Westover ARB Air Show

Our friend Heather Panic who is a rated but not current pilot and PhD student at Brandeis emailed us to ask if we wanted to go to the air show at Westover Air Base with her and her husband Sacha. Unfortunately Abby is in Florida this weekend at a conference but I was available Sunday. Looking at the website for the air show I discovered you can fly in and called the phone number. You can park on the south ramp and then there is a shuttle. No charge for parking, and he suggested that if possible
I “fuel through”. I hadn’t heard this term before but I gathered that it meant they would be busy refueling air show aircraft and they’d rather not have to sell me fuel (although the price was reasonable).

On my early morning drive to the airport it was quite foggy in spots. I filed an IFR flight plan when I arrived although the sky was actually starting to clear especially towards the west which is the direction we would be headed. The IFR clearance was quite simple “Cleared to Westover via Radar Vectors Gardner, then Direct, climb and maintain 3000 expected 6000 5 minutes after departure”. Runway 14 was in use at Nashua. Although when we departed it was clear above the airport we were climbing towards and then above a receding stratus deck off the ocean. We were in VMC the whole way.

Our IFR trip from Nashua to Westover in the morning.

Our IFR trip from Nashua to Westover in the morning.

Not long after passing Gardner we descended and then slowed for some other traffic ahead. The controller instructed us to intercept the localizer and I showed Heather how to pull up the plate on Foreflight and enter the localizer frequency. Following traffic ahead I landed on runway 23. I should have landed long since the south pad taxiway is alll the way at the end! But, you get to roll past the whole airshow on your way down the runway.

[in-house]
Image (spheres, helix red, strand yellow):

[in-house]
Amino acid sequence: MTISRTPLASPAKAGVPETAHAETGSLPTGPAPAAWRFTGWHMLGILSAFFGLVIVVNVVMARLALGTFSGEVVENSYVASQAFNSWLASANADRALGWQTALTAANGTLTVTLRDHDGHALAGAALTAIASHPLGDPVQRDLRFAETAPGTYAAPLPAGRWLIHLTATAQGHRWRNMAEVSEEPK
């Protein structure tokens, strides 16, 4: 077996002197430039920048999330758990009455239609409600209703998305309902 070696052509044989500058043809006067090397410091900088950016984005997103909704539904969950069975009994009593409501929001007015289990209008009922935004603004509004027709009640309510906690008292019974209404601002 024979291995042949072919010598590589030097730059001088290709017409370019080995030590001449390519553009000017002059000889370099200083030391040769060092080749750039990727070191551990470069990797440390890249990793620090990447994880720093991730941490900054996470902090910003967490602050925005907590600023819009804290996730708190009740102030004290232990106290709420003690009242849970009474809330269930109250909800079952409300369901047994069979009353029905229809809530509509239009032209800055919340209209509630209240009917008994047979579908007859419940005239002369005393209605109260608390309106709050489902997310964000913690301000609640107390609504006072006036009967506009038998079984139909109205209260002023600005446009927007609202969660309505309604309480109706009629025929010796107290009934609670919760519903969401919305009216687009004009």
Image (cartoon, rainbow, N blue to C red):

Approaching Westover/CEF, photo by Sacha Panic.

Approaching Westover/CEF, photo by Sacha Panic.

Once parked I put out some chocks and set the control lock. There were a bunch of airplanes parked out on the south ramp already and more arriving in trail. It was just a few minutes before the air show TFR started at 8:45 (although I noticed on Flightaware a few aircraft arrived IFR just after 8:45, aircraft under control of ATC are excepted). Now we were on the ground until the Blue Angels finished at around 5PM!

We rode the shuttle bus to a metal detector/bag search area and then a quick walk past a number of HUGE hangars to the main apron and the airshow. Westover is home to the 337th Airlift Squadron flying the massive C-5 Galaxy. There were a few C-5s out on the ramp along with fighters, bombers and cargo planes. Two of the huge C-5s and the C-17 were open so you could walk through inside and see where cargo sits.

C17 Globemaster.

C17 Globemaster.

Walking further down the ramp there was an area of older historic aircraft mostly from the WWII era. It’s pretty incredible to look up close at a flying B-17 that flew during WWII. While we were checking out this area there were a few warbirds flying in formation that eventually taxied in with a deep rumble.

We walked back to find lunch and a spot of out of the sun under the wing of a C5 to watch various aerial displayed by Nashua’s own Rob Holland, Sean Tucker, the Canadian Snowbirds, the F-22 Raptor which flew in formation with a P-51 mustang, and finally the Blue Angels. It was a great show!

I made it on the second bus back to the south pad and Heather and Sacha on the next one so I could get a head start on the preflight. Similar but much smaller to the queue of cars leaving there were now planes lining up on the taxiway leading to runway 5. With 11,500 feet of runway available and a light crosswind under 10 knots this was now conveniently the runway in use. The queue was a bit smaller by the time my companions arrived and we started up and did a quick run up as we got into the short line. To keep things simple, everyone is departing VFR.

After takeoff I leveled off at 3000 feet and handed the airplane over the Heather for the trip back. It’s bit a while since she has flown but despite the now bumpy afternoon air she had no problems taking us to Nashua. She handed it back over to me for the descent. Runway 14 was still in use and after calling tower I was set up for a right base to 14. ATIS declared winds to be gusting to 19 knots but I didn’t feel that was accurate at the time of my landing.

After taxiing to my parking spot and getting out to push the plane back we spotted Rob Holland’s custom MXS airplane in front of his hangar which is not far away. I guess he managed to take off a bit before us when departing the air show! He might’ve been a bit faster, too…